How Does the Flu Affect Older Adults?

Medically Reviewed by Jennifer Robinson, MD on August 12, 2022

Older adults and people with chronic diseases are more likely to have problems from the flu. It often leads to a hospital stay, and sometimes it can be fatal. But this condition is easy to prevent, and the proper steps can keep you healthy during flu season.

How Do You Know You Have It?

Flu symptoms in older adults are pretty much the same as in other age groups. They may include:

Does the Flu Cause Stomach Problems?

It’s more common in children, but older adults sometimes have stomach symptoms -- like nausea, vomiting, and diarrhea -- with this illness.

What Other Problems Come With It?

The flu can lead to:

Call your doctor immediately if you have any of these symptoms:

Can You Prevent the Flu?

Yes. The best way to prevent it is to get an annual flu vaccine.

Getting the shot is a smart idea. It makes a big difference in hospitalization and death rates among older adults who live at home and those in nursing homes.

A high-dose flu vaccine is made just for seniors. It has four times as much active ingredient as a regular flu shot to provide a better immune response in older people. It’s recommended for people ages 65 and older, if it's available.

Keep in mind that the seasonal flu viruses change each year, so older adults need to get a new flu shot each fall.

Also, there are two vaccines to prevent pneumonia. If you’re a healthy adult over age 65, the CDC suggests you get both vaccines. The timing and sequence will vary depending on what vaccine you’ve had before. 

Where Do You Get a Flu Shot?

The CDC offers an online flu shot clinic locator. Flu vaccinations are easier to find than ever. You can get them at walk-in clinics in many pharmacies and grocery stores. That's in addition to local health departments and many doctors' offices.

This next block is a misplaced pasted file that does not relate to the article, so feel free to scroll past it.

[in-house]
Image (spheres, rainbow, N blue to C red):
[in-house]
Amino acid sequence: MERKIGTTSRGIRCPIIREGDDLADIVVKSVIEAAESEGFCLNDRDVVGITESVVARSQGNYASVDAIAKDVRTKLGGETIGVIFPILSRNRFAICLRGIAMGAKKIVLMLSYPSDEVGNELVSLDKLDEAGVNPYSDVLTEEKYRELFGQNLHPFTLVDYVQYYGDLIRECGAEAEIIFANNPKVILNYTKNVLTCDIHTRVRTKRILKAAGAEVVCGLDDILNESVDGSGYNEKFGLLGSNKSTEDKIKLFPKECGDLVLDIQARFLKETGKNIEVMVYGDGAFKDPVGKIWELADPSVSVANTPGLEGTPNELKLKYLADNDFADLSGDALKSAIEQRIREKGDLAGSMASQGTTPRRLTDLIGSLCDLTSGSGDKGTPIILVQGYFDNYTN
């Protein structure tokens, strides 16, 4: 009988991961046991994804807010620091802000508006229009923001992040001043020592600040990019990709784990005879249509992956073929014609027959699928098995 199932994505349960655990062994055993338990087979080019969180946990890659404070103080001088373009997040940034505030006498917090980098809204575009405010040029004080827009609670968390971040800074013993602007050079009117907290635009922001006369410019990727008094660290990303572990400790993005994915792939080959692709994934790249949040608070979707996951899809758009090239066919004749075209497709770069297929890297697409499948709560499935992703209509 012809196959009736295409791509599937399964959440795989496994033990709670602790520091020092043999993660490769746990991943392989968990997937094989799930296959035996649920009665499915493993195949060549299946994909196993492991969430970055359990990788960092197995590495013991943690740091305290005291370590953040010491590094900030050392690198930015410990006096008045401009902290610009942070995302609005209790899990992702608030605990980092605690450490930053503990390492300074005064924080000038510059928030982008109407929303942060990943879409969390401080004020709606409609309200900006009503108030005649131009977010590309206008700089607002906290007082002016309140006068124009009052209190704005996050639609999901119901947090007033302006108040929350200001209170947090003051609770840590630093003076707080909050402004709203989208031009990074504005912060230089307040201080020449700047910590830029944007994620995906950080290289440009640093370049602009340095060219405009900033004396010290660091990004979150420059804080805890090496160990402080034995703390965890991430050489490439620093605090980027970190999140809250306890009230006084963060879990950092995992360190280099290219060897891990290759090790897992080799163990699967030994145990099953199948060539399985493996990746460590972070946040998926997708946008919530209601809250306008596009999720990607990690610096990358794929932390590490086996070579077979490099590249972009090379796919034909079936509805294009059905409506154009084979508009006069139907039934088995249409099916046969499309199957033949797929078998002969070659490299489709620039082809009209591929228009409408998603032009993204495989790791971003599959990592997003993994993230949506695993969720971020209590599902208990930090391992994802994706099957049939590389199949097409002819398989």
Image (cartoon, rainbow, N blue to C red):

Can Older Adults Use the Nasal Spray Flu Vaccine?

FluMist is a nasal spray flu vaccine that contains a live flu virus. It isn’t recommended for adults over age 49. 

When’s the Best Time to Get the Shot?

Flu season can begin as early as September and last as late as May. Your best bet is to get a flu shot early in the season so your body has a chance to build up immunity to the virus. It takes about 2 weeks for the flu shot to protect you. Ideally, the best time to get the shot is in early September and no later than late October. If you don't get it early, getting a flu shot later still helps. Vaccination earlier may cause protection to weaken by end of the season.

How Is Flu Treated?

Contact your doctor if you get symptoms. He’ll check for complications and suggest treatment. He might prescribe an antiviral medication like oseltamivir (Tamiflu), peramivir (Rapivab), zanamivir (Relenza), or baloxavir (Xofluza).

Other ways to treat flu symptoms in older adults include:

  • Get lots of rest.
  • Drink plenty of liquids.
  • Ask the doctor or pharmacist before you take a new over-the-counter cold or flu medicine. He can make sure it won't interfere with prescription drugs or complicate your other medical conditions.

Show Sources


National Institute on Aging: "Flu -- Get the Shot."

American Lung Association: "Influenza Fact Sheet."

FDA: "Influenza: Vaccination Still the Best Protection."

Mayo Clinic: "Flu Shot: Your best shot for avoiding influenza."

National Institute of Allergy and Infectious Diseases: "NIAID Study Finds Higher Dose of Flu Vaccine Improves Immune Response in the Elderly."

Medline Plus: "Flu."

CDC web site: "Questions and Answers: Swine Flu and You;" "Key Facts about Swine Influenza (Swine Flu);" and "Interim Guidance for Swine influenza A (H1N1): Taking Care of a Sick Person in Your Home."

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